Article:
Law on the Special Register and Publicity of the Work of Non-Profit Organizations of Republika Srpska

Dejan Lučka | O društvenim i pravnim temama

Law on the Special Register and Publicity of the Work of Non-Profit Organizations of Republika Srpska

Law on the Special Register

The Law on the Special Register and Publicity of the Work of Non-Profit Organizations [hereinafter: the AFI (Agents of Foreign Influence) Law], has been submitted to the National Assembly of Republika Srpska for the parliamentary procedure. The National Assembly will discuss the draft during its session on 26 September.

The AFI Law establishes a special Register of non-profit organizations  registered in Republika Srpska which are fully or partially financed by other states, their bodies or their authorized representatives, international and foreign organizations, foreign citizens or registered non-governmental organizations that are financed from abroad. The NGOs that receive money from abroad will be registered in this Register as “agents of foreign influence”.

The AFI Law would endanger the work of NGOs, since the provisions of this law are often vague, unspecified and insufficiently explained.

Marking NGOs as “agents of foreign influence” will create a risk of stigmatization of certain NGOs, and affect their legitimate activities, impact their actual operation, and it could discredit their activities in the eyes of others, including their beneficiaries and the public.

Also, the stigma of being “agents of foreign influence” can lead to physical attacks on stigmatized NGOs, as an atmosphere of fear has already been created and is still in rising in Republika Srpska, where the authorities incite citizens against the NGO sector accusing it of undermining the state, the government and the ruling party in Republika Srpska, labelling NGO activists as “enemies of the people” and “foreign mercenaries.” Legal provisions referred to in the AFI Law would only reinforce this.

The scope of the activities referred to in the AFI Law that the NGOs must abstain from is inconsistent with the predictability requirement since it will be very difficult for the NGOs to assess which types of activities or advocacy are illegal, thereby also excessively restricting the right to freedom of expression with a chilling effect on open discussions on matters vital to the public interest. Thus, advocating for, e.g., the adoption or amendment of existing laws could easily be interpreted as an illegal activity according to the AFI Law.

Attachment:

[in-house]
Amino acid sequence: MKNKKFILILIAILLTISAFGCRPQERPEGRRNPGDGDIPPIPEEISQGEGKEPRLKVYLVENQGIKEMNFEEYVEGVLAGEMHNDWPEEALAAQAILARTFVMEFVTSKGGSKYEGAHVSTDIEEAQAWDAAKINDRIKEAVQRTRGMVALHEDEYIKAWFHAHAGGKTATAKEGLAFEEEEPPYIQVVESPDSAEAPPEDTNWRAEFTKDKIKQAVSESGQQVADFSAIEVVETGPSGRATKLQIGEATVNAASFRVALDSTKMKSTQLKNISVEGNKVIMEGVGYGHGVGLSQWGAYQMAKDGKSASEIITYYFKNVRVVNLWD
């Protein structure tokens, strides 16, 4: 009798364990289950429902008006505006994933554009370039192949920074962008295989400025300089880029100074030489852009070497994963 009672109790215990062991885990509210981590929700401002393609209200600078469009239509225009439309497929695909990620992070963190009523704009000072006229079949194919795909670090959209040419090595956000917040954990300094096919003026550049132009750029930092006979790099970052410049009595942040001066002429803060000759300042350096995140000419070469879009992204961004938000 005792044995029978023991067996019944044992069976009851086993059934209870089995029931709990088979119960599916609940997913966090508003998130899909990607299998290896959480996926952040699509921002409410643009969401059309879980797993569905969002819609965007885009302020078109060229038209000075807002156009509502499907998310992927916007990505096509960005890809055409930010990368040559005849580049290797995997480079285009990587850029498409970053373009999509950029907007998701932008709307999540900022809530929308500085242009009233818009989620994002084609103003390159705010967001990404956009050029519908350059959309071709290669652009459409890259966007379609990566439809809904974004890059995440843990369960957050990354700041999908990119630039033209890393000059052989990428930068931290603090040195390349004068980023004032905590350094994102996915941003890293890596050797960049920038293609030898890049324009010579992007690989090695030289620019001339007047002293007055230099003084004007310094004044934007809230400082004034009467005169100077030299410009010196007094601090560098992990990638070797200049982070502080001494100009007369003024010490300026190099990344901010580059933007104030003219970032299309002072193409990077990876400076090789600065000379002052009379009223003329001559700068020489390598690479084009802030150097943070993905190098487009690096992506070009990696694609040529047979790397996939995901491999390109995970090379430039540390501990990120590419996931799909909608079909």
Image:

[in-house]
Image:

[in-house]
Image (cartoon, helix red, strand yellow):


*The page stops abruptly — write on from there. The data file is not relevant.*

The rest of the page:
The possibility of imposing the fines contemplated by the AFI Law raises concerns given the lack of predictability that infringe many of the provisions and requirements included in the AFI Law. The potential impact of such unpredictability will in itself curb the enjoyment of the right to freedom of association and freedom of expression and can cause smaller NGOs to close.

Also, inspections will have great powers and there are no safeguards to protect against abuse by the competent inspection authorities. As a result, there is a strong likelihood that fines will be demanded by certain structures from the ruling political party against the targeted NGOs, and imposed by inspections. The range of fines that could be imposed will be especially problematic for some NGOs, primarily if they have a small funding base, and may lead to their closure.

There is considerable uncertainty as to what can be legitimately required from NGOs. This would create an environment of excessive state monitoring which would hardly be conducive to the effective enjoyment of freedom of association.

Besides inspections, great powers are given to the Minister of Justice. In the event that a non-profit organization acts contrary to the provisions of the AFI Law, the Minister of Justice can submit a request to the court for a ban/prohibition of work of that NGO.

Reporting obligations contemplated by the AFI Law will impose a significant and excessive financial and organizational burden to the NGOs and their staff and undermine their capacity to engage in their core activities.

The NGOs would perhaps be able to re-register in another entity (Federation of Bosnia and Herzegovina), however there are concerns that future legal actions of the government of Republika Srpska could impede this.

Apart from the provisions referred to in the AFI Law, the rationale and explanation for the adoption of the AFI Law is very poorly written and does not at all contain an explanation of the necessity of the adoption of this Law, as there is already a Law on Associations and Foundations of Republika Srpska that regulates establishment, registration, internal organization, work and legality of the activities of NGOs.

Bearing in mind the above, the AFI Law represents a forceful attack on civil society in Republika Srpska, as well as on the realization of basic human rights and freedoms. After the criminalization of defamation earlier this year, it represents another detrimental step back in terms of society democratization and the path of the entire state of Bosnia and Herzegovina towards the European Union.

Photo: Secret, [Author: Tumisu, from: Pixabay]